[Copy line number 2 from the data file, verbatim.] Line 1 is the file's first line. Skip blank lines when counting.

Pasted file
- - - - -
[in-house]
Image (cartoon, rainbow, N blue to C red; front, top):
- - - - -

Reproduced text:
Image (cartoon, rainbow, N blue to C red; front, top):